Seems to me that either the Recruiters are trying to get there(their?) quota up or they have misled you. A career as a Engineer officer (of any sub specialisation) is fulfilliing and, I promise you, seriously hands on. As somebody posted earlier, I think that you will be disappointed as an AET - the alternative, especially with your qualifications, is more interesting, diverse and, dare I say it, financially and socially, vastly more rewarding.

Fido, you almost had me convinced until you suggested a career as an officer might be socially more rewarding :lol:

Seriously though, pretty much everything else Fido said is true, if you want to speak to an AEO and AET it will depend where you live, if you live near to an air station your careers office may be able to arrange it for you, they are your first port of call. Fido has a point that you may be getting led into entry as an AET, the branch is undermanned at present. Form your own decision based on all the infomation you can gather, there are some good links in the previous posts. PS. a chieftiff is a Chief Petty Officer AET, so you have 'talked' to an AET already!
 

schoolboy

Midshipman
chieftiff said:
Fido, you almost had me convinced until you suggested a career as an officer might be socially more rewarding :lol:

Seriously though, pretty much everything else Fido said is true, if you want to speak to an AEO and AET it will depend where you live, if you live near to an air station your careers office may be able to arrange it for you, they are your first port of call. Fido has a point that you may be getting led into entry as an AET, the branch is undermanned at present. Form your own decision based on all the infomation you can gather, there are some good links in the previous posts. PS. a chieftiff is a Chief Petty Officer AET, so you have 'talked' to an AET already!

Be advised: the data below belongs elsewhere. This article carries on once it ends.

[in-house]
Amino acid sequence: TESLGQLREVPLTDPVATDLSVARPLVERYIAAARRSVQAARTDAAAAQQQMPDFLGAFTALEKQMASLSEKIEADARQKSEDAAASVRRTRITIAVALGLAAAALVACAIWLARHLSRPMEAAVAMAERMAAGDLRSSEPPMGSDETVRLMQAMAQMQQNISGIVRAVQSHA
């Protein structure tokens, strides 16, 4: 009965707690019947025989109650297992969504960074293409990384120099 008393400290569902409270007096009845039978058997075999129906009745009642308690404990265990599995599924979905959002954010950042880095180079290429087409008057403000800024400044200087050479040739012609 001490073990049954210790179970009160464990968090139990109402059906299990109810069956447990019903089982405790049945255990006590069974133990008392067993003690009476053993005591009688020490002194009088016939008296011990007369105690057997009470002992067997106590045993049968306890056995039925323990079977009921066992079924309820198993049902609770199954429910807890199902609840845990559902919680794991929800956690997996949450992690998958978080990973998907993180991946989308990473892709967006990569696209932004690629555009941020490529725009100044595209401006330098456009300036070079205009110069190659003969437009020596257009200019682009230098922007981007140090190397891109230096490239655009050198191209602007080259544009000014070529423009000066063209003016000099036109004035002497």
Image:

Well my good man cheiftiff - please enlighten me as to what u do day to day. personally i cant think of anything i'd rather be doing than working on the new JSF on one of the new aircraft carriers in 2012 but thats probably a slim possibility.

Could you please tell me what you enjoy about your job and what you have gone through in ur career to date as ur probably the most suitable to do so! you have clearly enjoyed it - im sure i would to.

You should probably know also about me that i've always thought i should have done an apprenticeship not a degree, ive always enjoyed fixing more than designing!!!

PS - are you non-commision out of choice or just not chosen to go that way yet?

thanks very much - its all starting to peice together the puzzle now!!!